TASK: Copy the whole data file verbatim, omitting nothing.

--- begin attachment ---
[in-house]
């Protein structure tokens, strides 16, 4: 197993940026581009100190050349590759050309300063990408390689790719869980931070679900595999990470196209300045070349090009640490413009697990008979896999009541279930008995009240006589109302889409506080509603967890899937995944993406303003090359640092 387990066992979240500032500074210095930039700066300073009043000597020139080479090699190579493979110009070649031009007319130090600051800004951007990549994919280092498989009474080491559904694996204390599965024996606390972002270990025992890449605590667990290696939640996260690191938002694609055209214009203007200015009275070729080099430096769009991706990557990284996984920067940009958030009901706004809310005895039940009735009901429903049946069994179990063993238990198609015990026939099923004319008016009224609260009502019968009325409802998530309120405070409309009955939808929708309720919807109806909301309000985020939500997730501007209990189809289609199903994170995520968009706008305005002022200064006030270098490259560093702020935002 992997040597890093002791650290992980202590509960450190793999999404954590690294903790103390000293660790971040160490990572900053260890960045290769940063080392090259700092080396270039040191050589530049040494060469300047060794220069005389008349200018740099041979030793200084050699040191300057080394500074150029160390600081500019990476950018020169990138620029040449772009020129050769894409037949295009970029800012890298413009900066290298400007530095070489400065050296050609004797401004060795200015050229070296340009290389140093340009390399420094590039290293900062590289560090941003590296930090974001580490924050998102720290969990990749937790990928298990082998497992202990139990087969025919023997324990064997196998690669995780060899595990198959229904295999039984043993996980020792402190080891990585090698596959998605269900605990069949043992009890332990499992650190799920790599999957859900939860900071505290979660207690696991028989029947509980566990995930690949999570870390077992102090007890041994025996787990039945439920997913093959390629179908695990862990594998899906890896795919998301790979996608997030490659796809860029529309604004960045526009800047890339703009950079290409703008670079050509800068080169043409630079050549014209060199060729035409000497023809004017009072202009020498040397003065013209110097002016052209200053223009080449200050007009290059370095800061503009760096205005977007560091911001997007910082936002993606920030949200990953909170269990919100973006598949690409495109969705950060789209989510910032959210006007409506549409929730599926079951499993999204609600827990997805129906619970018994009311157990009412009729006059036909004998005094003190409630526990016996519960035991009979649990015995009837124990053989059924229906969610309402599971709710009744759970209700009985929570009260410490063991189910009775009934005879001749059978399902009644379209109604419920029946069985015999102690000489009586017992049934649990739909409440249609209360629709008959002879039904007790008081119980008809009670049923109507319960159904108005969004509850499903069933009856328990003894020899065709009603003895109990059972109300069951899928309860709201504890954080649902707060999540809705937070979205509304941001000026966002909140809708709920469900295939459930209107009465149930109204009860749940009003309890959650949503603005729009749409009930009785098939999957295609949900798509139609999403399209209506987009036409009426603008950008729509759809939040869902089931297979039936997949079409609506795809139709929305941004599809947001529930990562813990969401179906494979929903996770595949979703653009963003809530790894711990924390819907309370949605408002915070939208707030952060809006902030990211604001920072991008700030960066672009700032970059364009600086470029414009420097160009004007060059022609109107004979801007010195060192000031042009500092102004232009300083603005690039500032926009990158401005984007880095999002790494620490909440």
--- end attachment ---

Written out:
[in-house]
């Protein structure tokens, strides 16, 4: 197993940026581009100190050349590759050309300063990408390689790719869980931070679900595999990470196209300045070349090009640490413009697990008979896999009541279930008995009240006589109302889409506080509603967890899937995944993406303003090359640092 387990066992979240500032500074210095930039700066300073009043000597020139080479090699190579493979110009070649031009007319130090600051800004951007990549994919280092498989009474080491559904694996204390599965024996606390972002270990025992890449605590667990290696939640996260690191938002694609055209214009203007200015009275070729080099430096769009991706990557990284996984920067940009958030009901706004809310005895039940009735009901429903049946069994179990063993238990198609015990026939099923004319008016009224609260009502019968009325409802998530309120405070409309009955939808929708309720919807109806909301309000985020939500997730501007209990189809289609199903994170995520968009706008305005002022200064006030270098490259560093702020935002 992997040597890093002791650290992980202590509960450190793999999404954590690294903790103390000293660790971040160490990572900053260890960045290769940063080392090259700092080396270039040191050589530049040494060469300047060794220069005389008349200018740099041979030793200084050699040191300057080394500074150029160390600081500019990476950018020169990138620029040449772009020129050769894409037949295009970029800012890298413009900066290298400007530095070489400065050296050609004797401004060795200015050229070296340009290389140093340009390399420094590039290293900062590289560090941003590296930090974001580490924050998102720290969990990749937790990928298990082998497992202990139990087969025919023997324990064997196998690669995780060899595990198959229904295999039984043993996980020792402190080891990585090698596959998605269900605990069949043992009890332990499992650190799920790599999957859900939860900071505290979660207690696991028989029947509980566990995930690949999570870390077992102090007890041994025996787990039945439920997913093959390629179908695990862990594998899906890896795919998301790979996608997030490659796809860029529309604004960045526009800047890339703009950079290409703008670079050509800068080169043409630079050549014209060199060729035409000497023809004017009072202009020498040397003065013209110097002016052209200053223009080449200050007009290059370095800061503009760096205005977007560091911001997007910082936002993606920030949200990953909170269990919100973006598949690409495109969705950060789209989510910032959210006007409506549409929730599926079951499993999204609600827990997805129906619970018994009311157990009412009729006059036909004998005094003190409630526990016996519960035991009979649990015995009837124990053989059924229906969610309402599971709710009744759970209700009985929570009260410490063991189910009775009934005879001749059978399902009644379209109604419920029946069985015999102690000489009586017992049934649990739909409440249609209360629709008959002879039904007790008081119980008809009670049923109507319960159904108005969004509850499903069933009856328990003894020899065709009603003895109990059972109300069951899928309860709201504890954080649902707060999540809705937070979205509304941001000026966002909140809708709920469900295939459930209107009465149930109204009860749940009003309890959650949503603005729009749409009930009785098939999957295609949900798509139609999403399209209506987009036409009426603008950008729509759809939040869902089931297979039936997949079409609506795809139709929305941004599809947001529930990562813990969401179906494979929903996770595949979703653009963003809530790894711990924390819907309370949605408002915070939208707030952060809006902030990211604001920072991008700030960066672009700032970059364009600086470029414009420097160009004007060059022609109107004979801007010195060192000031042009500092102004232009300083603005690039500032926009990158401005984007880095999002790494620490909440």